Battered barramundi spiked with chilli.
Battered barramundi spiked with chilli. Photo: Craig Sillitoe

460 Church St Richmond, VIC 3121

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Opening hours Sun-Fri, 11.30am–9.30pm; Sat 4.30-9.30pm
Features Accepts bookings, BYO, Licensed, Cheap Eats
Prices Cheap (mains under $20)
Chef Sumalee Sae-tang
Payments eftpos, AMEX, Cash, Visa, Mastercard
Phone 03 8528 6884

The little clutch of shops next to East Richmond station would have once housed a shoe repair and key cut shop, a dry cleaner and newsagent – all the services a commuter needs on their way to or from work.

Today, the strip on Church Street is wall-to-wall restaurants – the food-service industry perhaps over-servicing Richmond's residents, designers, publishers and peddlers of fine furniture.

Sabai​ restaurant joined the fray around July this year, on the more discreet side of the street where small, owner-operated businesses face-off with some goliaths of the industry: Jimmy Grants, Public House and Richmond Oysters.

Attention to detail: Sabai's pristine dining room.
Attention to detail: Sabai's pristine dining room. Photo: Craig Sillitoe

Sabai still has its new-restaurant glow: unscuffed and unscathed. It's neat and approachable, with traditional finishes like plaster (remember that stuff, before tiles and exposed brick took over), and mounted canvases (no murals or paste-ups).

Owners Sumalee Sae-tang and Manpreet Singh are partners in life and work, both are chefs, and both are first-time restaurateurs bringing experience from big corporate caterers.

They are pros with the details, like chilled frosty beer glasses, never-empty water glasses, a range of ceramics (colour-paired with each dish), and handsome stemless stemware. Thai-born Sae-tang makes the food, while Manpreet Singh is out front, selling it.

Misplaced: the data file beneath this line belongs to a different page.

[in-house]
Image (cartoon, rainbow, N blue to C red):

Spice-rich marvel: Lamb shank massaman.
Spice-rich marvel: Lamb shank massaman. Photo: Craig Sillitoe

It's a smart small menu that weaves characteristic Thai zing with a bit of contemporary bling. On its second incarnation (for spring/summer), you might have thought the massaman​ lamb shank would have been shelved until next winter. "I cannot take it off," says Singh. "People come back for it. We do not have a lot of new customers yet, but we have a lot of return customers; many come for the massaman."

It is one of those dishes that could leave an imprint. There's a deep hum to the thick, paste-like curry that clings to the slow-cooked meat, pulling it down into the bowl ­– such that the shank bone lifts out clean. Pick through whole cinnamon quills, waxy potato pieces, cashews and soft lamb for mouthfuls that start as spice-rich (a delicious quagmire of cloves, cardamom and nutmeg, among others) and travel aromatically across the palate.

The barramundi bristles with Thai-ness: spiked with chilli, glistening with sweet-sour sauce and terrifically textured. Cubes of crisp, battered barra (bought from across the road at Richmond Oysters) sit under a nest of aromatic herbs and a mass of mandolin-shaved apple that gives the dish its crisp, creative twist. The same appley accent is given to the soft-shell crab sliders, an easy starter of three soft mini buns, each with its own dark-fried crab, herbs and apple.

Coconut ice-cream with kaffir-lime toffee.
Coconut ice-cream with kaffir-lime toffee. Photo: Craig Sillitoe

It costs a song, with mains averaging $20, and the kitchen stays open right through the day. Even given the glut of options here, I'd go back.

Do … Consider desserts, such as coconut ice-cream served with shards of kaffir-lime toffee.
Don't … Order all roti at the start; order progressively, it's so good hot.
Vibe ... Slow-casual boomer waiting to happen.